It Happened at Christmas [Secure]
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by Helen Brooks, Carol Wood
Description: Experience the love, warmth and magic Christmas brings, with this heartwarming collection from three favorite Harlequin authors.... So much stands between Lancashire mill owner Haywood Denshaw and his new housekeeper Marianne Brown. But even disparate social standing and rumors of disreputable pasts can't get in the way of their love. Only Marianne's refusal to compromise her principles can, in a captivating story by PENNY JORDAN. Wealthy farmer Luke Hudson gets more than he bargained for when he plucks a destitute young woman from the workhouse. He may have rescued Connie Summers from a life of penury and hard labor, but her spirit and warmth give him a new outlook--and a second chance at love, in an enthralling story by HELEN BROOKS. Modern-thinking doctor Harry Fleet and compassionate but old-school nurse Tilly Dainty clash at the Tap House surgery in 1920s East London. But working together to care for the sick and needy turns out to be a healing balm on both their hearts, in an emotional story by CAROL WOOD.
eBook Publisher: Harlequin/Romance,
eBookwise Release Date: October 2007
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Available eBook Formats [Secure - What's this?]: OEBFF Format (IMP) [491 KB]
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'I CAN'T take you no further, lass, seein' as I'm bound for Wicklethwaites Farm and you're wantin' Rawlesden,' the carter informed Marianne in his broad Lancashire accent, as he brought the cart to a halt at a fork in the rutted road. 'You must take this turning 'ere and follow the road all the way down to the town. You'll know it before you gets there on account of the smoke from Bellfield Mill's chimneys, and then you keeps on walking when you gets to the Bellfield Hall.'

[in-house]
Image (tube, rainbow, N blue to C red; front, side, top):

'Why do you say that?' Marianne asked the carter uncertainly.
She needed to find work—and quickly, she acknowledged as she looked down into the too-pale face of the baby in her arms. A lone woman with no work and a baby to care for could all too easily find herself in the workhouse—as she knew already to her cost.
The rich might be celebrating the Edwardian era, and a new king on the throne, but nothing had changed for the poor.
'I says it on account of him wot owns it—aye, and t'mill an' all. There's plenty round here who says that he only come by them by foul means, and that the Master of Bellfield wouldn't think twice about ridding himself of anyone wot was daft enough to stand in his way. There's one little lass already disappeared from these parts with no one knowing where she's gone. Happen that's why he can't get no one working up at the hall for him. No one half decent, that is…'
'He doesn't sound very pleasant,' Marianne agreed as she clambered down from the cart, and then thanked the carter as he handed her the shabby bundle containing her few possessions.
'I still dunno wot would bring a pretty lass like you looking for work in these parts.'
Marianne could tell that the carter was eager to know as much about her as he could—no doubt to add to his stock-in-trade of gossip. He had already regaled her with several tales of the doings of those who lived in the town and the small farms on the moors beyond it, with a great deal of relish. Marianne suspected it was an enclosed, shut-off life here in this dark mill town, buried deep in a small valley between the towering Pennine hills.